Because of the persistence of this fundamental conflict, I remain concerned and am committed to careful monitoring of the ultimate timing and efficacy of needed reforms, including those in today’s governance order. With that said, however, it is clear that the Commission has made significant headway on numerous fronts toward improving the public market data streams.
Today’s final order on governance directs the equities exchanges and FINRA to submit a new National Market System Plan (“NMS Plan”) to consolidate the three existing NMS Plans into a single plan, allocate one third of the voting power on the operating committee to non-SRO members from a cross-section of market participants, and require the appointment of an independent plan administrator.
Changes to the governance structure have the potential to help better align the plan’s operations with the public interest. The revised voting structure will require that virtually all decisions of the operating committee be approved by an “augmented majority,” which requires a two-thirds vote of the operating committee and at least a majority of the SRO members. And I appreciate the order’s approach to ensuring that the retail investor category is defined in a manner designed to promote meaningful representation of the interests of retail investors and meaningful contribution to the operating committee’s work.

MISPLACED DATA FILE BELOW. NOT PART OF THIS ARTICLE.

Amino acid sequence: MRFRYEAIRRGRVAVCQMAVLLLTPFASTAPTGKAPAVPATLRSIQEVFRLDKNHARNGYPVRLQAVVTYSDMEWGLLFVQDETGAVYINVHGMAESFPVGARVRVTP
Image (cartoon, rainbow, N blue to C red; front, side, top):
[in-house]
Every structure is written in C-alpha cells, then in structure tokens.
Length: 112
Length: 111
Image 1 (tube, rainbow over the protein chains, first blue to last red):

Moreover, I consider the changes required by today’s order within the larger context of the progress made and promised. In addition to the governance order, the Commission today is also issuing orders approving, with certain improvements, amendments to the confidentiality and conflict of interest policies that apply to the current NMS plans. And finally, these three actions supplement important proposed changes to market data infrastructure related to the content and latency of the SIPs that the Commission published for notice and comment in February, as well as a proposal from last fall to require greater fee transparency by eliminating the “effective on filing” treatment of SIP fee changes. I hope we will see both of these proposals finalized in the near future.
That is substantial progress. I commend Director Redfearn and the staff for all of this work to date. While I believe that certain of the reforms within these various initiatives could and should be improved, I nevertheless appreciate the enhancements they represent, and I support today’s governance order which, I would emphasize, is premised on timely and good faith compliance with its directives.